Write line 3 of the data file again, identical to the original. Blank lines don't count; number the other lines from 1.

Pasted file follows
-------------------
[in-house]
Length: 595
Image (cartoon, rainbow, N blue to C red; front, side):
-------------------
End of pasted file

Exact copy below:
Image (cartoon, rainbow, N blue to C red; front, side):